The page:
AMMAN/WASHINGTON-The leader of the jihadist group Islamic State died in a U.S. special forces raid in northern Syria on Thursday when he detonated a bomb that killed him and family members, the U.S. administration said.
Abu Ibrahim al-Hashemi al-Quraishi had led the group since the death of its founder Abu Bakr al-Baghdadi, who was also killed when he detonated explosives during a U.S. raid in 2019.
"Thanks to the skill and bravery of our armed forces, we have taken off the battlefield...the leader of ISIS. All Americans have returned safely from the operation," U.S. President Joe Biden said in a statement.
Quraishi had remained largely in the shadows since succceeding Baghdadi who led the group at the height of its self-declared caliphate, when it controlled swathes of Syria and Iraq and ruled over millions of people.
Since its defeat on the battlefield nearly three years ago, the group has been waging insurgent attacks in Iraq and Syria.
A senior U.S. administration official told Reuters Quraishi was killed in the raid.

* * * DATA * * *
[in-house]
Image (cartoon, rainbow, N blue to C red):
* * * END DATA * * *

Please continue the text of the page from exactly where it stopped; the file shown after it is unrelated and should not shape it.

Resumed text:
"At the beginning of the operation the terrorist target exploded a bomb that killed him and members of his own family, including women and children," the official said.
Pentagon Press Secretary John Kirby earlier described Thursday's raid as a successful counter-terrorism mission, saying there were no U.S. casualties.
Syrian rescue workers said at least 13 people including six children and four women were killed by clashes and explosions that erupted after the raid began, targeting a house in the Atmeh area near the Turkish border.
U.S. military procedures to guard against civilian casualties are currently under scrutiny following a high-profile mistaken drone strike in Afghanistan that the Pentagon initially hailed a success.
A number of jihadist groups with links to al Qaeda operate in northwestern Syria, the last major bastion of rebels fighting President Bashar al-Assad in the decade-long Syrian war. Leaders of the Islamic State group have also hidden out in the area.
Residents said helicopters landed and heavy gunfire and explosions were heard during the raid that began around midnight. U.S. forces used loud speakers to warn women and children to leave the area, they said.
(Additional reporting by Susan Heavey, Humeyra Pamuk and Heather Timmons in Washington; Writing by Tom Perry and Dominic Evans; Editing by Angus MacSwan) ((email@example.com; +96279-5521407;))